Everyone knows that part of the reason the Super Bowl is so popular is because of the commercials that air during the big game. And while this year’s offering certainly served up plenty of laughs and “awe moments,’ there’s one commercial I’d like to specifically focus on—and it’s about a lady named Gwen.
The commercial started with actor John Turturro walking into a house as he said, “Let’s talk about dreams and the people who choose to pursue them.” He then introduces Gwen, a machine engineer (of 18 years) from New York who is currently pursuing her dreams.
As Turturro sits next to Gwen, he tells the viewers that she has a message for her boss, Ted.
“I quit,” Gwen says via a Muppet she’s holding. And the interesting part about this ad, besides that fact that it was very different from a typical Super Bowl commercial, was that it was real.
That night, Gwen really did quit her job in front of the 100+ million viewers of the Super Bowl. Talk about going out with a bang!
Gwen later appeared on the “Today Show” and explained that her boss’ response was epic, as he laughed and told her he thought the commercial was great.
So, after seeing this, I checked out Gwen’s website, which like her Super Bowl ad, is sponsored by GoDaddy. On the site, Gwen writes, “I traded my job for my dream, bridging the gap from engineer to puppeteer.”
She traded her job for her dream. This is interesting. Gwen now does shows with her Muppets for a living. And the fact that she was able to promote her new business to a Super Bowl sized audience should only make her endeavors that much more successful.
Seeing this commercial made me think of how it seems to be a new trend for people to publicly quit their jobs to follow their passions.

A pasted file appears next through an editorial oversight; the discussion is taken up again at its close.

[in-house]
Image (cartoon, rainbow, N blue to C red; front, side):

Remember Marina Shifrin? The girl who quit her job by making a dance video while in the office? She quit her job via YouTube (which immediately went viral) because she wanted to do what she was passionate about.
Although I’m not sure what Shifrin has chosen to do now, it does seem like many Americans are making the decision to pursue their passions and go into business for themselves. In fact, according to Forbes.com, Babson and Baruch Colleges reported that adults involved in startups in 2012 increased to 13 percent–which is a record high since Babson began tracking the nation’s entrepreneurship rates in 1999.
And Ernst & Young’s annual survey revealed that the U.S. was ranked as having “the top environment for entrepreneurs among the world’s 20 largest economies.” It scored well for having the best access to funding, the best entrepreneurship culture and best education and training environment.
And this recent trend will only continue as more and more millennials, the future of America’s workforce, opt for startups and becoming entrepreneurs over Corporate America. A study by Millennial Branding and oDesk found that a whopping 71 percent of millennials who worked at “regular” jobs said they would prefer to quit their current job to work for themselves, while 60 percent of those millennials said they plan to do so in the next two years.
And the infographic, “Economic Envy: Millennial Entrepreneurship Ascending,” by Rasmussen College, there are key reasons millennials are choosing to become their own bosses versus typical jobs. Some include:
- Freedom (69%)
- Ability to choose projects (66%)
- Unlimited Income Potential (63%)
- Control over their own work (62%)
Gwen and her “I quit” Muppet-style commercial was a unique way to resign to follow one’s passion, but I’m sure actions like hers won’t be the last. But even though this new trend of publicly (and humorously) quitting your job may be “in” right now, is entrepreneurship really the right way to go?